Jiu-Jitsu medalist arrested during Bahrain uprising starts hunger strike

Mohamed Mirza reportedly declared a hunger strike in solidarity with a fellow prisoner and opposition leader.

A jiu-jitsu medalist and prominent Bahraini detainee has reportedly declared a hunger strike in solidarity with fellow prisoner Hassan Mushaima.

Mohamed Mirza, who medaled for Bahrain at the 2008 Asian Open Championships in Thailand, launched his hunger strike to protest the treatment of Mushaima, a Bahraini opposition leader serving a life sentence for his role in Bahrain’s pro-democracy protests and uprising. According to Mirza, Mushaima is being denied access to proper medical treatment, which has caused his health to deteriorate.

Mirza is also protesting his own poor treatment at Bahrain’s Jaw prison, which includes lack of access to proper health care and restrictions on family visitations such as glass barriers. He chose to begin his hunger strike after filing five separate complaints with the prison to no avail.

The athlete was arrested on March 16, 2011 — one day after the Bahraini government declared a state of emergency in response to the uprising. He was detained at a checkpoint on suspicion of “kidnapping a police officer” and was sentenced to 10 years in prison. Human rights activists believe he was forced to sign a confession after being subjected to various forms of torture at the hands of the Bahraini authorities.

Mirza is not the only athlete who was detained during the uprising. Bahrain has arrested scores of football, handball, and volleyball players since the 2011 uprising. One report from 2014 suggested that approximately 50 athletes were being detained, while another 150 were fired from their positions. Two players from Bahrain’s national team were arrested, publicly humiliated and decried as traitors on television, and were allegedly tortured before being allowed to resume playing for local clubs again, though not for the national team.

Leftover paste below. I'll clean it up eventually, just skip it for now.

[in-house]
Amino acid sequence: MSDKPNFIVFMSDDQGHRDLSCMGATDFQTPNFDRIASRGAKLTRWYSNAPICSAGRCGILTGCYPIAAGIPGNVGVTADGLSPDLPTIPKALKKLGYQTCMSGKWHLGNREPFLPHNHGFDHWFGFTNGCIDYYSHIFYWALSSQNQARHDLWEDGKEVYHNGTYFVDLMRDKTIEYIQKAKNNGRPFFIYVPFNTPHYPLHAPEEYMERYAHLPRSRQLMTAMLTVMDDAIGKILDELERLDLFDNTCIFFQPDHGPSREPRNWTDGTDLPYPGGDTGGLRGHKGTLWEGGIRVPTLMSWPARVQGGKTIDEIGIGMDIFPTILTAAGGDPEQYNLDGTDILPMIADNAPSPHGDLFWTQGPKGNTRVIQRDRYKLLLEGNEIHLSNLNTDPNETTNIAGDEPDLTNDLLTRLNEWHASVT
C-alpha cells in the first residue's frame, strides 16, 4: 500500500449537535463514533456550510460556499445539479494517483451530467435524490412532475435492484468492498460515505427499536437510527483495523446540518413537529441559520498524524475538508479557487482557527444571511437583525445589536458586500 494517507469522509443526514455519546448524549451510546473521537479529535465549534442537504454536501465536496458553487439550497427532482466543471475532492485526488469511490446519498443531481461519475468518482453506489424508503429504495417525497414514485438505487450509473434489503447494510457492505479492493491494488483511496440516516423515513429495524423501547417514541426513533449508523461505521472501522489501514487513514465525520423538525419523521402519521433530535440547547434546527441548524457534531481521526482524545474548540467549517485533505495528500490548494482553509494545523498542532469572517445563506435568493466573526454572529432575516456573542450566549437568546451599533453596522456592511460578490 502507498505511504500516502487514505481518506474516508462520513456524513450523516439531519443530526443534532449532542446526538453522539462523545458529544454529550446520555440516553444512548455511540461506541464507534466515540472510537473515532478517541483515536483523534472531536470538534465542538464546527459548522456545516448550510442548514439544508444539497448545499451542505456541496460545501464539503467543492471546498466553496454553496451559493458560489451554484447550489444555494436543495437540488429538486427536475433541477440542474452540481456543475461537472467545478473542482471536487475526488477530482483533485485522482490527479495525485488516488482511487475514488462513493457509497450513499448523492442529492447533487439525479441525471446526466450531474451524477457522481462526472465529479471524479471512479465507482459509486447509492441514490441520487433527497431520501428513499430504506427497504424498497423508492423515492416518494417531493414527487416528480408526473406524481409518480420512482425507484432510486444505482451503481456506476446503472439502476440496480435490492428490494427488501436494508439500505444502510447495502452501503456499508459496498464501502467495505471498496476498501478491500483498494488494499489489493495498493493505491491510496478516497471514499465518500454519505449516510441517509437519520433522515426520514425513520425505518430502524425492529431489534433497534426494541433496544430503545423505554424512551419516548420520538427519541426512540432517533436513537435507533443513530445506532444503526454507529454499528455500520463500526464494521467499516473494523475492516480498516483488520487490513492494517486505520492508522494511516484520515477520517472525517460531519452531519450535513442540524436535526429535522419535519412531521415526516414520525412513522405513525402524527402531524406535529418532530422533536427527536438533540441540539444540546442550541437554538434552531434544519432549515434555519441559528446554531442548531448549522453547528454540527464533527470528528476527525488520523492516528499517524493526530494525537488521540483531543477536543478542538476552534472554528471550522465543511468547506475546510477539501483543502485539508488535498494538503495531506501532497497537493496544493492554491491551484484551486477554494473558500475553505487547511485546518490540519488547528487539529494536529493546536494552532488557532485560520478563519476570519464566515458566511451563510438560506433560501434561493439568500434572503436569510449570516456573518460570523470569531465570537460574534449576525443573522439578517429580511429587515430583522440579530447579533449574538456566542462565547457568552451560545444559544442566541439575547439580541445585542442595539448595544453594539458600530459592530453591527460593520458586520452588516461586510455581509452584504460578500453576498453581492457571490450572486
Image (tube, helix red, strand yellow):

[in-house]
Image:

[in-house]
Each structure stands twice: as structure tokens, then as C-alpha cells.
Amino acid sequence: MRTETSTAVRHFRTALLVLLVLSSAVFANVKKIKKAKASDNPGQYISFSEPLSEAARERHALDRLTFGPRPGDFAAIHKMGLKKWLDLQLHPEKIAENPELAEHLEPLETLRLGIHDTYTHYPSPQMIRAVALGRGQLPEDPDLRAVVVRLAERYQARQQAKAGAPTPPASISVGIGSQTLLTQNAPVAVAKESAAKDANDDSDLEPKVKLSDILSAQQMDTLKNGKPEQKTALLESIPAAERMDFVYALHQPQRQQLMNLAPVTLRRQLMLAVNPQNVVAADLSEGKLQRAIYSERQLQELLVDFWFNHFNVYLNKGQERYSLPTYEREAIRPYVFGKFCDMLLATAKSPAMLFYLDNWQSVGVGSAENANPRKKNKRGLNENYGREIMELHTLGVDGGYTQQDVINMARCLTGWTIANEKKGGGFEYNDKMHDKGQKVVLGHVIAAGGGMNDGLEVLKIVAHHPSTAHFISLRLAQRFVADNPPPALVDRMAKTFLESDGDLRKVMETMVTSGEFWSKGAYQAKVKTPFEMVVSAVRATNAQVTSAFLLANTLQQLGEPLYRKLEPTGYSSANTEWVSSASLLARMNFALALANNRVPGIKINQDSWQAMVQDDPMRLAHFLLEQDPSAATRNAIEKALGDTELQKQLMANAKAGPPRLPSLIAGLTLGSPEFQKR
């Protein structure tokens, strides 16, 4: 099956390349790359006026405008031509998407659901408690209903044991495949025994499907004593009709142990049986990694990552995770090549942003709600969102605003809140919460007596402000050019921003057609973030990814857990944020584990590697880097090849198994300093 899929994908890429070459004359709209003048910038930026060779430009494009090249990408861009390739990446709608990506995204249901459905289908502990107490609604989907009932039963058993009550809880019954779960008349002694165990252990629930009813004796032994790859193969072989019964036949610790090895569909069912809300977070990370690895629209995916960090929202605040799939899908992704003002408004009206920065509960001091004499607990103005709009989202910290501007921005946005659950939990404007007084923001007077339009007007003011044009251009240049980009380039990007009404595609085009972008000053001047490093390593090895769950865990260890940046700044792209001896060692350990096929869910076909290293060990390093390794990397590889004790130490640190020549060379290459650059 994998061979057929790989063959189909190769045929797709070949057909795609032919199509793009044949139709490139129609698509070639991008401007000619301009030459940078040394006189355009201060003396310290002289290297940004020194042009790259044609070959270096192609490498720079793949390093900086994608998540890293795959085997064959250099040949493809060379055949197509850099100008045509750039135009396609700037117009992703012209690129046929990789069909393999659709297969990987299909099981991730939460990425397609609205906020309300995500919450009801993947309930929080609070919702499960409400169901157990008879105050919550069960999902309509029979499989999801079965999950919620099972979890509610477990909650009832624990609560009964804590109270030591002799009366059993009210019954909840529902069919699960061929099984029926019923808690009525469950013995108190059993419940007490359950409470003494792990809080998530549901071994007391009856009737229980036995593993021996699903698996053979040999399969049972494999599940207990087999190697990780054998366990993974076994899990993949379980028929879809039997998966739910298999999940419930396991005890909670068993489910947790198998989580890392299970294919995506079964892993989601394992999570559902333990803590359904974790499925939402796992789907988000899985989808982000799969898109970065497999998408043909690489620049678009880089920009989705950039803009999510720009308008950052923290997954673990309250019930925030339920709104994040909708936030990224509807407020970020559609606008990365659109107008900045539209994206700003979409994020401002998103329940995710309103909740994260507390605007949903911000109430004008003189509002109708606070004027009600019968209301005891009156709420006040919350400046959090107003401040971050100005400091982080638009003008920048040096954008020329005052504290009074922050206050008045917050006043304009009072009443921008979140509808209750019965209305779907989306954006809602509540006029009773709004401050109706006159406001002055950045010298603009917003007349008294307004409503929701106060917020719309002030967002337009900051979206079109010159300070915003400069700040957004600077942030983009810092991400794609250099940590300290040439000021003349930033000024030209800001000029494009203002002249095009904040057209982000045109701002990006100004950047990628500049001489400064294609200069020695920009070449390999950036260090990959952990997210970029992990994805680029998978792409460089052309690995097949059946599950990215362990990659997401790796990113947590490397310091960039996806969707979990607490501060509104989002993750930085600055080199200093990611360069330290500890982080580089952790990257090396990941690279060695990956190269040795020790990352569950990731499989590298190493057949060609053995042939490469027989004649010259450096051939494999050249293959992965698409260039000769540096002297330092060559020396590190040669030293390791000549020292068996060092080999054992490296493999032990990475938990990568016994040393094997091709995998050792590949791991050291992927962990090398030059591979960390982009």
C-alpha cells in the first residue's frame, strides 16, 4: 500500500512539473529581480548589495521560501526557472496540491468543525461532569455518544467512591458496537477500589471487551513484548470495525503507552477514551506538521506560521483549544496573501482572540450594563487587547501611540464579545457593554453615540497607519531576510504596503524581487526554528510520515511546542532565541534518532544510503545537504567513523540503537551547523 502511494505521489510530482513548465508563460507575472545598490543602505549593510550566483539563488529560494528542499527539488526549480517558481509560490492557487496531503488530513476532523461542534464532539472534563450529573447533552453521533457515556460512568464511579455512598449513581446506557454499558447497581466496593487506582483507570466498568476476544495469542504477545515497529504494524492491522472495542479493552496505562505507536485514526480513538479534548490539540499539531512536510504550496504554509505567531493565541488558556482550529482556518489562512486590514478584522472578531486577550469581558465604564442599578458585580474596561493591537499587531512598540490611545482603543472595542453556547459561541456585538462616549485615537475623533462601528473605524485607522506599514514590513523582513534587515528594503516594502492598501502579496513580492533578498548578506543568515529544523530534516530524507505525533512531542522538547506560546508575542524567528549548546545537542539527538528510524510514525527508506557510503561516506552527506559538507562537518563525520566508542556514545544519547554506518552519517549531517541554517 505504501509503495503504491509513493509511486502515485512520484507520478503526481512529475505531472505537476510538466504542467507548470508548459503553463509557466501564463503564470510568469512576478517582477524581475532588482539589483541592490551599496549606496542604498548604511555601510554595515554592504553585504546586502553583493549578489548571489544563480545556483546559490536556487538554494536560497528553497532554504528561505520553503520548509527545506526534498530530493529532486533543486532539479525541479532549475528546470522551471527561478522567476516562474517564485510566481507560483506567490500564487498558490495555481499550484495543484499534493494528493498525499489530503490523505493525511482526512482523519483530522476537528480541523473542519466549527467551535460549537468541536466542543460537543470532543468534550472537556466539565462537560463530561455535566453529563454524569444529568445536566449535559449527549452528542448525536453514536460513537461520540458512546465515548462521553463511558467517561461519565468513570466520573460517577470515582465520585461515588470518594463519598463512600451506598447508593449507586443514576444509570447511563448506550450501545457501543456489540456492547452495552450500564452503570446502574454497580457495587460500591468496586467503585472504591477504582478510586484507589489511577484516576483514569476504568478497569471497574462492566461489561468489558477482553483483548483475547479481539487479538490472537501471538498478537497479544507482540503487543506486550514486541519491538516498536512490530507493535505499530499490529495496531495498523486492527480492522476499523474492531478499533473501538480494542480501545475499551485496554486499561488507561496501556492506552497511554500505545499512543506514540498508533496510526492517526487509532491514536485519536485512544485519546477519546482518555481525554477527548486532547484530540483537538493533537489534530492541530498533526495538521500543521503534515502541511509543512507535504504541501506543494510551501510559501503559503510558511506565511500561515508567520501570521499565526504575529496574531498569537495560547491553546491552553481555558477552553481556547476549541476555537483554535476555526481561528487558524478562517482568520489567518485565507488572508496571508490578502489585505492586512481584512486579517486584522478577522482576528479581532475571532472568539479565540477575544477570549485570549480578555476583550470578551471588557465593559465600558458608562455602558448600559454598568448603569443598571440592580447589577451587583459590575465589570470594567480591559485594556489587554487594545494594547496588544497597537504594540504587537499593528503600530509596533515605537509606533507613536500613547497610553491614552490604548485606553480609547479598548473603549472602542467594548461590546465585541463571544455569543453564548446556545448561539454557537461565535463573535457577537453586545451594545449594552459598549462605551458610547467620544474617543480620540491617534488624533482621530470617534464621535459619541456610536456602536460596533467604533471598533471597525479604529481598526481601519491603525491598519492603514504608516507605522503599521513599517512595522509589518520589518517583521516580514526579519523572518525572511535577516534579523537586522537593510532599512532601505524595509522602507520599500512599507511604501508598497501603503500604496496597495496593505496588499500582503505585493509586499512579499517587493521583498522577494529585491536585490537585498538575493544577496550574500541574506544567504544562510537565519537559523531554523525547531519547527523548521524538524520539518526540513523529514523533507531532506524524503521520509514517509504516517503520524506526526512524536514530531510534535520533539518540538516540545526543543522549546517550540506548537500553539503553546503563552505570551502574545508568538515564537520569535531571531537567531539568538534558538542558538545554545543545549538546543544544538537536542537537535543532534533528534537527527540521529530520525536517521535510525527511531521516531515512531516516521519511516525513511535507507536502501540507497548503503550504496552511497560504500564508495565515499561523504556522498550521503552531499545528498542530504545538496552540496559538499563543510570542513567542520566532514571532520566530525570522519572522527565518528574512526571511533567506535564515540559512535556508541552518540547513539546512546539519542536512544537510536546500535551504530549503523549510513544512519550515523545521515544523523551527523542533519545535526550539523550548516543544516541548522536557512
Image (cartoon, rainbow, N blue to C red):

Sheikh Nasser bin Hamad al Khalifa, the head of Bahrain’s Olympic Committee and Bahrain’s Supreme Council for Youth and Sports, even backed the regime’s actions by stating publicly on a television broadcast that “anyone who called for the fall of the regime, may a wall fall on his head. Whether he is an athlete, socialite or politician — whatever he is — he will be held accountable. Today is judgment day … Bahrain is an island and there is nowhere to escape.”

Bahrain’s monarchy has long used sports as a tool to distract from human rights abuses and to distort the reality of the regime’s brutality. Examples of this include the annual Formula-1 event, offering Bahraini passports to foreign athletes to improve Olympic record, and hosting MMA events funded by the Bahraini king’s son, Sheikh Khalid bin Hamad Al Khalifa.

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